Monday, February 21, 2011

Monday clips

Monday clips

The Packer A List gets involved in the Battle of Madison as defensive captain (and NFLPA union rep) Charles Woodson shows his solidarity:
It is an honor for me to play for the Super Bowl Champion Green Bay Packers and be a part of the Green Bay and Wisconsin communities. I am also honored as a member of the NFL Players Association to stand together with working families of Wisconsin and organized labor in their fight against this attempt to hurt them by targeting unions. I hope those leading the attack will sit down with Wisconsin's public workers and discuss the problems Wisconsin faces, so that together they can truly move Wisconsin forward.
Still waiting to hear from union rep and Super Bowl MVP Aaron Rodgers.

Texas Democrats offer practical advice to the cheeseheads about life on the lam, including: "If you are going to be out more than two weeks call your spouse for conjugal visits."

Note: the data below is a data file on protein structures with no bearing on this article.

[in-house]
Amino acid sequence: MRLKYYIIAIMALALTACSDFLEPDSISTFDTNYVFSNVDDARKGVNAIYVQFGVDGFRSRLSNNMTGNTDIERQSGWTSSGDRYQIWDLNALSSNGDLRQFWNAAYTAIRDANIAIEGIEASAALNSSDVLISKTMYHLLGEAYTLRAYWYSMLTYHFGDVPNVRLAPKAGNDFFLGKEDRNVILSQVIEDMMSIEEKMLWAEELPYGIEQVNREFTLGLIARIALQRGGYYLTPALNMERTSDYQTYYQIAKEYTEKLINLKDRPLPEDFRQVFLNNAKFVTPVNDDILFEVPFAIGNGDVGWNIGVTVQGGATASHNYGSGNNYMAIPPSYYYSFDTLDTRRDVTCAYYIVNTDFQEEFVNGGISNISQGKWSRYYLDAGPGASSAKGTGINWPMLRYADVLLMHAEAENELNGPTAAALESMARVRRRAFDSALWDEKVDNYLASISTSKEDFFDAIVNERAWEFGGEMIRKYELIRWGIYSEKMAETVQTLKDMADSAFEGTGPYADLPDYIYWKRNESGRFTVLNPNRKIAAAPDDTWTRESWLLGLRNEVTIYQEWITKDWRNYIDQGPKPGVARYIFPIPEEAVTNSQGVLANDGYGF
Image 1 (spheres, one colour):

Here in Iowa Craig Robinson notes that, desptite Tampa snaring next year's Republican National Convention, Florida is playing primary date leapfrog. Right now they're scheduled for January 31, which is not just before their window but before Iowa.

Remember that last cycle it was the GOP, in full control of state government, that drove Florida to play leapfrog; the Dems were just dragged along. In contrast, it was Democrats, led by caucus hater Carl Levin, who pushed Michigan, and while Florida just wanted to be a player, Michigan was explicitly about killing off Iowa and New Hampshire.